China’s Aircraft Carrier construction craze vs India’s decades of experience in Carrier Operation

With the decommissioning of INS Viraat — world’s oldest aircraft carrier — on Monday, India is left with a single carrier, the INS Vikramaditya. Now it is steadily pacing towards having a second carrier, an indigenous one, which will be called the Vikrant like the first ever Indian carrier.

India has been operating aircraft carriers for decades, starting from its first one, INS Vikrant, then to Viraat and now Vikramaditya. In the future it is looking at operating the new Vikrant, most likely in Visakhapatnam for its proximity to China.

“The threat scenario during the era of Viraat was different as compared to now, when there is growing Chinese naval activity in areas surrounding India. And if a conflict breaks out, India needs to be better prepared in regard to the protection of its carriers,” explained an expert.

China, on the other hand, has built ships and submarines to protect its first aircraft carrier, Liaoning. Although being a formidable neighbour, China may not fall in comparison with decades of experience in carrier operations which India has, but the former is building itself as a naval power.

In September 2012, China had commissioned the Liaoning — procured from Ukraine and then reworked upon. In November, 2016, it was reported that the carrier was combat ready. It is now quickly building its second one, Type-001A. And reports are emerging of its third carrier, Type 002, being built.

China has been showing its military prowess, including conducting military drills, with Liaoning, in the disputed South China Sea. It had recently passed through the Strait of Taiwan, causing the country to reach a state of operational readiness. And all this is happening in India’s neighbourhood.

With progress of the China Pakistan Economic Corridor (CPEC), starting from Gwadar Port, and China having provided naval warships to Pakistan for the site’s protection, India needs to start acting fast to better secure its areas with the growing military presence of China around it.

While experts said India has the experience in operating the air wings from carriers, what is badly needed for the Vikramaditya and future carriers is protection and support against submarines. This can be done in the form of a carrier battle group. “This means more ships and anti-submarine helicopters,” said a Naval expert.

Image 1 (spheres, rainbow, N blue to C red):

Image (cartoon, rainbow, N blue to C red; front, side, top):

“An aircraft carrier never sails alone. It is a high value unit, so one needs other ships and anti-submarine helicopters to protect it,” added the expert.

A problem point for India is it currently has a minimal number of anti-submarine helicopters, meant to provide close support to the carrier and its group. “The issue is not that we don’t know how to protect our carriers, the issue is regarding such helicopters. To be combat-worthy, merely having an aircraft carrier and an air wing is not enough, we need a support system,” explained another expert.

The need for this system becomes increasingly important keeping in view China’s recent naval exercises in the Indian Ocean, which India considers as its backyard. The Indian Navy has also sighted Chinese nuclear submarines in the region. Navy Chief Admiral Sunil.

Lanba had stated in December last year that a Chinese nuclear submarine had done a port call in Karachi. Soon thereafter satellite images of Chinese nuclear submarines docking in Karachi were made public on Twitter.

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INDIA:
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INS Vikramaditya:

1. The ship’s journey as a formidable fighting machine began on December 26, 1978, in the Black Sea Shipyard in Nikolayev, Ukraine, when its keel was laid as the fourth Kiev class aircraft carrying cruiser, ‘Baku’.

2. The ship was capable of operating Yakolev YAK-38 Forger VTOL aircraft, similar to the British Sea Harriers. It also had Kamov helicopters for anti-submarine, surface reconnaissance and search and rescue purposes.

3. The ship was offered to the Indian Navy in 1995.

4. In July 1999, the ship was towed to Severodvinsk (Russia) for repair and refit for re-commissioning in the Indian Navy as INS Vikramaditya.

5. The ship was gifted to India for free and the latter would only pay for its repair and refurbishment. It was commissioned into the Indian Navy in 2013.

6. Fourth generation fighter aircraft, the MiG 29K and twin-seater MiG 29 KUB, operate from Vikramaditya. But the carrier is a STOBAR (Short Take Off But Arrested Recovery) one, meaning aircraft launch under their own power with the assistance of a “ski-jump” and land with the help of an “arrestor gear”. This indicates that aircraft may be required to limit their weapons and fuel to be able to launch.